Amazon is reported to be testing the machine learning ‘Sparrow’ robot arm that could handle 65 percent of its 100+ million diverse parcels.
Although Amazon already uses robot arms called ‘Robin’ and ‘Cardinal’ to re-direct boxed-up pre-delivery items around its warehouses, the challenge has been to create a robot arm that can detect, recognise, select, and handle a huge variety of different shapes and sizes of products prior to packaging, in the handling part of its business.
The Sparrow robot arm leverages the technologies of computer vision and artificial intelligence (AI) to help detect and select items.
Amazon sees the potential benefits of Sparrow as:
– Enabling the company to work smarter, not harder, and to operate efficiently and safely.
– Enabling employees to focus their time and energy on other things by taking on repetitive tasks for them.
– Helping to drive efficiency by automating a critical part of the fulfilment process.
Replacing Human Workers?
Although Sparrow’s unique capabilities may be good news for Amazon’s Ecommerce future, it could be bad news for its human workers. The effects on jobs by increased automation at Amazon have been a concern of labour unions (the Amazon Labor Union) for some time now, although a recent study suggested that more robots were needed anyway to plug a labour shortage at Amazon. Also, some commentators have suggested that rather than creating large-scale job losses, an increase in the use of robots in Amazon warehouses could simply mean a de-skilling of the labour force (saving on training), job stagnation and insecurity.
Supporting, Not Replacing
Amazon, however, chooses to frame Sparrow as “a major technological advancement to support our employees” rather than a machine learning, highly dextrous robot that could cost many of them their jobs.
Back in September, for example, Amazon’s robotics chief Tye Brady, however, was reported as saying that the robots are not intended to replace workers but to collaborate with human workers to do a job.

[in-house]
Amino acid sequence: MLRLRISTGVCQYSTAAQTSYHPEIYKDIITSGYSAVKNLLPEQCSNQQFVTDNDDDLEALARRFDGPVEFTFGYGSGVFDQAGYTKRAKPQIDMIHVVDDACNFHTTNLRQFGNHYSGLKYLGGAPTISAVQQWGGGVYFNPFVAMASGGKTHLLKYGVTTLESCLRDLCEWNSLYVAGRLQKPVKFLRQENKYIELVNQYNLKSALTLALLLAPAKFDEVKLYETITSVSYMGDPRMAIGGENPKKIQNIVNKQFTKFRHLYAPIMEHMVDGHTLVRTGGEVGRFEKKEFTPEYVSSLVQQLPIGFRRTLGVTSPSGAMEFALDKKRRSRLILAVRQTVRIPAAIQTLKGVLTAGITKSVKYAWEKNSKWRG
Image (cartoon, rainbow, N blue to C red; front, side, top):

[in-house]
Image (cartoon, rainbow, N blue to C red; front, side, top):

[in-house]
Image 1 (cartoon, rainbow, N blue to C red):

Create New Kinds Of Jobs Too
Amazon has highlighted how it believes the use of Sparrow and other robots in its business has already created (and could create more) new kinds of jobs related to maintaining the robots. Amazon says, for example, “The design and deployment of robotics and technology across our operations have created over 700 new categories of jobs”.
On its ‘About Amazon’ website, the company gives the example of its Amazon Mechatronic and Robotics Apprenticeship which it says helps employees “learn new skills and pursue in-demand, technical maintenance roles” and leads to a 40 per cent increase in the pay of participants.
What Does This Mean For Your Business?
With Amazon being the largest manufacturer of industrial robots in the world, and with Sparrow being another of several types of robot arms already in use in Amazon warehouses, it is highly likely that automation plus the pursuit of benefits like efficiency, safety, and 24-hour / 365 days a year working (and no protests) looks likely to continue. Although unions have protested about automation, some have suggested that more unionisation could simply mean a harder push for automation.
Amazon’s re-framing of Sparrow being a robot that will help rather than replace workers and even create more tech maintenance-based jobs sounds good, but with more than 1.6 million people on the Amazon payroll, and more robots like Sparrow that can ‘learn’ to keep improving, its hard to see how many people at the company’s warehouses aren’t going to end up being made redundant over time. For Amazon, however, the efficiencies automation could bring are likely to make the company even more competitive and powerful.